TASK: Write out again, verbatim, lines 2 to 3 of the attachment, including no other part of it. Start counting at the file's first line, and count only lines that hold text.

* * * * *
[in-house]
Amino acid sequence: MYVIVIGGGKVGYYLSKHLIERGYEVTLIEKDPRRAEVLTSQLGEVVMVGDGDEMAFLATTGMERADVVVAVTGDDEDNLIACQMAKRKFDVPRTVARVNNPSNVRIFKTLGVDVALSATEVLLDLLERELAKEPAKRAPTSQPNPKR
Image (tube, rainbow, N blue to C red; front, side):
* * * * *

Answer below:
Amino acid sequence: MYVIVIGGGKVGYYLSKHLIERGYEVTLIEKDPRRAEVLTSQLGEVVMVGDGDEMAFLATTGMERADVVVAVTGDDEDNLIACQMAKRKFDVPRTVARVNNPSNVRIFKTLGVDVALSATEVLLDLLERELAKEPAKRAPTSQPNPKR
Image (tube, rainbow, N blue to C red; front, side):